Comedian Peter Kay has called off his highly anticipated live tour that was due to start next spring.
The Car Share star announced last month that he would be going on the road for the first time in eight years, and tickets for the 87-date tour sold out in record time due to phenomenal demand.
But Peter has now announced that he was pulling the plug on his entire work schedule, including his tour, due to 'unforeseen family circumstances' – meaning his scheduled DJ set at next year's Car Fest at Bolesworth in July will not be going ahead.
In a statement on Twitter he said: "Due to unforeseen family circumstances, I deeply regret I am having to cancel all of my upcoming work projects.
"This unfortunately includes my upcoming stand-up tour, Dance For Life shows and any outstanding live work commitments.
‘My sincerest apologies. This decision has not been taken lightly and I’m sure you’ll understand my family must always come first.
"I’ve always endeavoured to project my family’s privacy from the media. I hope that the media and the public will continue to respect our privacy at this time. ‘Once again, I’m very sorry."
Our sister site The Mirror has issued advice on how fans can get their money back:
By law, the ticket seller is responsible for giving you a refund for tickets to a cancelled event.
According to consumer website Which? if an event you booked is cancelled, rescheduled or has changed location, you are entitled to a refund of at least the face value of the ticket. If you paid a discounted rate - you'll get the amount you paid back instead.
The face value is the cost of the ticket as printed on it, without extras on top such as postage, administration and booking fees.
This is a condition of membership of the industry's self-regulatory body, the Society of Ticket Agents and Retailers (STAR), that ticket sellers refund the ticket's face value price when an event is cancelled.
If you have difficulty getting a refund for the event, you can complain to the Society of Ticket Agents and Retailers (STAR) if your ticket seller is a member.
What about any extra charges?
This part - which includes booking and delivery fees - is at the discretion of the ticket retailer - which is why it's so important to check the terms and conditions before you buy anything online.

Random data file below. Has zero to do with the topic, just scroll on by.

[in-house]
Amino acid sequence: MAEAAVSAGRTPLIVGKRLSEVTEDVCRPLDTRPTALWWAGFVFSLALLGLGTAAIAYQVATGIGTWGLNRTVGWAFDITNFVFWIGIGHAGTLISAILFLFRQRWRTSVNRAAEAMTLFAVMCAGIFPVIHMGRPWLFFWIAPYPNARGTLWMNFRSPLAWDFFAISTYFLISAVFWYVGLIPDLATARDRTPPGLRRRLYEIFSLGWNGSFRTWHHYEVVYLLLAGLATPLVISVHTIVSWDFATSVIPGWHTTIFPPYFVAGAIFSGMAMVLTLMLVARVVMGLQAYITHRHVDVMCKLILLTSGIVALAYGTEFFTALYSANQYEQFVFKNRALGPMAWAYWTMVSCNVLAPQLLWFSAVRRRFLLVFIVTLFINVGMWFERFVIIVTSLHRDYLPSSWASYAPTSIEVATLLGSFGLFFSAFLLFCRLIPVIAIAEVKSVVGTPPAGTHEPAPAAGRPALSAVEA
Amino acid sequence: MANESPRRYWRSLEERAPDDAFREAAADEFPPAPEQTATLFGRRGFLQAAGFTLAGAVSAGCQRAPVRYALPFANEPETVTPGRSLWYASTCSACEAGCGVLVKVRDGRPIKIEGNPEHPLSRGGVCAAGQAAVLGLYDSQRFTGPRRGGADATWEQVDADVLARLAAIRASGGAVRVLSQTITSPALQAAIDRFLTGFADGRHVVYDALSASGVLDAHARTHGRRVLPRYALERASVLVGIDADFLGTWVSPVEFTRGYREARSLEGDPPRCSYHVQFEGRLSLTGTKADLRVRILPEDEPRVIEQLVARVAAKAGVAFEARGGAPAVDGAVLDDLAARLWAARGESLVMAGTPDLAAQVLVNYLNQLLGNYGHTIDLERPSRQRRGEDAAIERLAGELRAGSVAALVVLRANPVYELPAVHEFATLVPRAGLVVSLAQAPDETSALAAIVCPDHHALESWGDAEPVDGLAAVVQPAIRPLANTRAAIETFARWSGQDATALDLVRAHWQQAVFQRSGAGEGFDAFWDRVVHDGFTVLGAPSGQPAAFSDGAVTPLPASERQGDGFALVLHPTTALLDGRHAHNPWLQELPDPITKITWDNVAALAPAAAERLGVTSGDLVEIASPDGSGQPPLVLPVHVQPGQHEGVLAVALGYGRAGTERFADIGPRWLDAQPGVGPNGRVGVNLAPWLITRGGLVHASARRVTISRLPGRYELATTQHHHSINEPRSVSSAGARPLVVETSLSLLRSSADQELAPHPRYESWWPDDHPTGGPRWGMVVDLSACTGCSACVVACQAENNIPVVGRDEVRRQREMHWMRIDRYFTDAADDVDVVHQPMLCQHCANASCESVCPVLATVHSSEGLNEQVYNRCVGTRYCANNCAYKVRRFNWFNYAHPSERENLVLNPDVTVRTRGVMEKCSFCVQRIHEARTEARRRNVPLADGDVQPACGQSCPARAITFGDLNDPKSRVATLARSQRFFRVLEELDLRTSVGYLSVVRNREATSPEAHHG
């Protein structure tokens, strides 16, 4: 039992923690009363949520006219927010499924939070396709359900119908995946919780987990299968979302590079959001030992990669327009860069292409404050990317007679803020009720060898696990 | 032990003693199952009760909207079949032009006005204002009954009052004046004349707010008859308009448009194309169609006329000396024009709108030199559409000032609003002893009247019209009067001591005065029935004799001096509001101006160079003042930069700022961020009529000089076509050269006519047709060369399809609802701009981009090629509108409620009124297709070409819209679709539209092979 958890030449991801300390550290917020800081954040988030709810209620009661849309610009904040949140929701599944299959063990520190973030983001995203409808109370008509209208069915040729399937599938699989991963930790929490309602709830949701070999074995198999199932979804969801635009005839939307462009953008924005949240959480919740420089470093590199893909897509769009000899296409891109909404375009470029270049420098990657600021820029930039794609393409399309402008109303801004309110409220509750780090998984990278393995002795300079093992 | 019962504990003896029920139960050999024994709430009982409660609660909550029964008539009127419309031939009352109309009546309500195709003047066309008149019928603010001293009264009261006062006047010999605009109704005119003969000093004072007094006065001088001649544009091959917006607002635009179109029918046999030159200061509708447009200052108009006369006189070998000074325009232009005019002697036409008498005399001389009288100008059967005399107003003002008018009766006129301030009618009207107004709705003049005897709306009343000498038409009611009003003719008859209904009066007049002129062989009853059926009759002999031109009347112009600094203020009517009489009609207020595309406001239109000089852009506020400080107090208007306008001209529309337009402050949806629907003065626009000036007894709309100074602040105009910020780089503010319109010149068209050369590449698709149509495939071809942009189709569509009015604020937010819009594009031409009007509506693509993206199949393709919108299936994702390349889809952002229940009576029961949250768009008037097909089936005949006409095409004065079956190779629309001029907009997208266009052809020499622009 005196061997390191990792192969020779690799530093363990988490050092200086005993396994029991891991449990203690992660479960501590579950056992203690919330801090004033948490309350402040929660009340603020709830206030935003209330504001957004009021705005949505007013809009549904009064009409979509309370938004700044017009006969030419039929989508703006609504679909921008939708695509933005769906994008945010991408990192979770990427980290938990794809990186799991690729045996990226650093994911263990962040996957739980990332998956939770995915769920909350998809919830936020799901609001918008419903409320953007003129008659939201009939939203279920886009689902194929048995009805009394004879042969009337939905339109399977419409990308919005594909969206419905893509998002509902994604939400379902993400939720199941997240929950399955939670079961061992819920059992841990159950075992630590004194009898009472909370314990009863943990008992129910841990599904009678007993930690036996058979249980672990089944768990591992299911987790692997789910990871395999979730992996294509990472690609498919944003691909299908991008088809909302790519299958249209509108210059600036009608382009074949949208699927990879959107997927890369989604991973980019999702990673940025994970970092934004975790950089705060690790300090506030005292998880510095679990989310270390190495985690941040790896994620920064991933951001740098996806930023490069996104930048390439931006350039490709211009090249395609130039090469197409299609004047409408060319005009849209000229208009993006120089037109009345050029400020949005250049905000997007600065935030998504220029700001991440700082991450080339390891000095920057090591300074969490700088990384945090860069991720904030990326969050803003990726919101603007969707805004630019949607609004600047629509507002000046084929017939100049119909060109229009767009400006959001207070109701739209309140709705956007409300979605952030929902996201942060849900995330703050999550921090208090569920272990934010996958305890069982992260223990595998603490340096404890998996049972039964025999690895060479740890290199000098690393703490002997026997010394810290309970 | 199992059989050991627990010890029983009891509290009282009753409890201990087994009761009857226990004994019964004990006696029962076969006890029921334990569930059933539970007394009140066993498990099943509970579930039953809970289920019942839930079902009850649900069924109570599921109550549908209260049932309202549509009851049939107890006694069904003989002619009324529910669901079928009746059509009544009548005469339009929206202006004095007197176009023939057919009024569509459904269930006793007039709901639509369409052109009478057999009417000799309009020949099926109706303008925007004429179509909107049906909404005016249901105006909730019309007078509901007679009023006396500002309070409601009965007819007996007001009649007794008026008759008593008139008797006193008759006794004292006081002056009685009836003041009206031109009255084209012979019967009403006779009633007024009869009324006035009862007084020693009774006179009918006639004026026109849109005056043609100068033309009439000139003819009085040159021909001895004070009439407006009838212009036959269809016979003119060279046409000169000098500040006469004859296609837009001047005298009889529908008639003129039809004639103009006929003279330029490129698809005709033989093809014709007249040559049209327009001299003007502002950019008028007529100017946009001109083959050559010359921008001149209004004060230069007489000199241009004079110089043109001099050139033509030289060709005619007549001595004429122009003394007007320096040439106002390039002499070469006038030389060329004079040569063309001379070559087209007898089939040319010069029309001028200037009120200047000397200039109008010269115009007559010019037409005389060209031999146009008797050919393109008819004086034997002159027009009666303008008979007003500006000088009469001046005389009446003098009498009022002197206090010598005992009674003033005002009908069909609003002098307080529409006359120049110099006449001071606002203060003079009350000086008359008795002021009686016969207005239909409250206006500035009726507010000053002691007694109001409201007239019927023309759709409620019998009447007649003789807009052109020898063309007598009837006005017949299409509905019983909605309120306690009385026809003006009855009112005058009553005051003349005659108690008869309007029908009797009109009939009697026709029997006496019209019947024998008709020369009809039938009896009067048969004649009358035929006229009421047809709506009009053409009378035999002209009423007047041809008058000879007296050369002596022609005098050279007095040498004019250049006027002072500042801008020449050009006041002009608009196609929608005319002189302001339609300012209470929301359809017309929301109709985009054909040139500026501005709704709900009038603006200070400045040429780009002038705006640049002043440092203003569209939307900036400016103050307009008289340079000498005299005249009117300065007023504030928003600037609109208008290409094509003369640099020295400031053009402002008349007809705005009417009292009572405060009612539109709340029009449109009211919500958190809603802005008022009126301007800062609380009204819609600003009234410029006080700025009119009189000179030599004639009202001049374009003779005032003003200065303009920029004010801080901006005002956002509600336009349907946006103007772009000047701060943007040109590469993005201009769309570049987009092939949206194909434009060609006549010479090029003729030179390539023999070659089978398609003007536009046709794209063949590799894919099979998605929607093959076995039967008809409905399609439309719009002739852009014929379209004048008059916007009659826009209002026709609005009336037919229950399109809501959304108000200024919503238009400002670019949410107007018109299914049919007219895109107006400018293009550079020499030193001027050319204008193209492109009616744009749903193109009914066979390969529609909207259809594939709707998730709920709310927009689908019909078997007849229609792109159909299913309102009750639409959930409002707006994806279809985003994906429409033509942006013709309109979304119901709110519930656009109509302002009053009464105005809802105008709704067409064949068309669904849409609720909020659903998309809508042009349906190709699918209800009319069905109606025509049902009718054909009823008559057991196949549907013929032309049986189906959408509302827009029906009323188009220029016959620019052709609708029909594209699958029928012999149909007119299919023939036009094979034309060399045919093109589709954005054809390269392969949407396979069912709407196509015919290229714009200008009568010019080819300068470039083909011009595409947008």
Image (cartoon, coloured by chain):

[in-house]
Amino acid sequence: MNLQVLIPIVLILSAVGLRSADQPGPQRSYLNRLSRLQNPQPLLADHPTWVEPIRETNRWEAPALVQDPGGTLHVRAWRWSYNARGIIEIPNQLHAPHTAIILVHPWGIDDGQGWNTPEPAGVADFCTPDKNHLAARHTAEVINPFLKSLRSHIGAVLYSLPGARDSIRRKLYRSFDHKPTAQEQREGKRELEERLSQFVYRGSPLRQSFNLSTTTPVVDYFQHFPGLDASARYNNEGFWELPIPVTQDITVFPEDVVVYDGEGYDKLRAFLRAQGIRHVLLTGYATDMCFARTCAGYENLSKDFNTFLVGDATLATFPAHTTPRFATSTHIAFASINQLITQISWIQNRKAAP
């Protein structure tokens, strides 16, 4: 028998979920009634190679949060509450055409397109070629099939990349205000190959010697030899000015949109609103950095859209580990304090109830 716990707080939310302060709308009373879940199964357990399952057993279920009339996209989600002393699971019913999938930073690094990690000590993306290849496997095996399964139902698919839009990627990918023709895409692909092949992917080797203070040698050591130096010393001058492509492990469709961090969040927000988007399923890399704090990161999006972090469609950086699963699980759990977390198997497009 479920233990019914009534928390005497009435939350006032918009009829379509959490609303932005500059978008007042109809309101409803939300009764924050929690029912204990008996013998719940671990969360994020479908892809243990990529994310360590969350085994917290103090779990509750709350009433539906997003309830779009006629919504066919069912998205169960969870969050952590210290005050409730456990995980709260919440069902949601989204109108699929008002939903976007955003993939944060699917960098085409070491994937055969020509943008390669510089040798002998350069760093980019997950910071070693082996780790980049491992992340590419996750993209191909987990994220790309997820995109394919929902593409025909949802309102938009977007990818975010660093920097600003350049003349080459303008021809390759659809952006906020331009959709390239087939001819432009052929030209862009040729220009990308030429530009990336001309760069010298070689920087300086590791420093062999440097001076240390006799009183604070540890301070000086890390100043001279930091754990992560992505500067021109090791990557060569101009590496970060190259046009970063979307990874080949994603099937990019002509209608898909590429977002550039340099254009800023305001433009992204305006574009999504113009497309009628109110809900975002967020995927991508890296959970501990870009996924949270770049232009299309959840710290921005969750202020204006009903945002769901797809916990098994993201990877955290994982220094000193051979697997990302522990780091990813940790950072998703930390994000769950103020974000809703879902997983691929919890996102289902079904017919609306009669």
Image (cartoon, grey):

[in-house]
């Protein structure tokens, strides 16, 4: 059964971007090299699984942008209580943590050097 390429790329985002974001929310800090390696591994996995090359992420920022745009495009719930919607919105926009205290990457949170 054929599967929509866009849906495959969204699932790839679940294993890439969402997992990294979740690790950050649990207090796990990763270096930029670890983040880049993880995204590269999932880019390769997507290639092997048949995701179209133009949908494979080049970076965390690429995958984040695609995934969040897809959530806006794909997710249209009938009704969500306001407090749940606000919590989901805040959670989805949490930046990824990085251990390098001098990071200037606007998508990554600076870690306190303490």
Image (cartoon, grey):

Some ticket sellers or agents refund booking fees but not the postage fee as they argue that the transaction has taken place.
Firms like Ticketmaster will refund postage charges if the tickets have not yet been delivered.
However, Gigantic, Seetickets and Stargreen, won't give that money back - which means you could be left out of pocket.
If you bought from a secondary ticket seller
If you bought from a secondary ticket seller you may not have the same chance of getting a refund, explains Citizens Advice.
The event organiser doesn't have to honour these tickets and won’t refund if you paid a hugely inflated price for the tickets.
If the tickets are yet to show up, you can dispute this with the firm and try to claim your money back.
Alternatively, make a complaint to the website that sold you the tickets and ask to cancel the tickets and request a refund.
If you bought your tickets on an auction website such as eBay, you should be protected by its Buyer Protection Guarantee.
The firm is refusing to give me a refund
If you're having trouble with a ticket seller you may be able to get a refund through your credit or debit card provider.
If you paid by credit card - even just part of your purchase - you may be protected under Section 75 of the Consumer Credit Act . That's because on all purchases between £100 and £30,000 made by credit card, the issuer is equally liable for the item if it doesn't show up/arrives faulty. This applies even if just part of the ticket was bought by credit card.
If you paid via PayPal and your item doesn’t arrive, or doesn’t match the seller’s description, you are protected by its Buyer Protection guarantee . This will reimburse you for the full amount of the item plus postage and packaging costs.
If you've used a debit card or paid for an item worth less than £100 on a credit card, your bank may be able to reverse the transaction under a process called Chargeback. Under this scheme, you can ask the bank to get back your money if the goods you've ordered haven't turned up. The bank will usually do this - but you must do a chargeback within 120 days of becoming aware of a problem, up to a maximum 540 days after a purchase.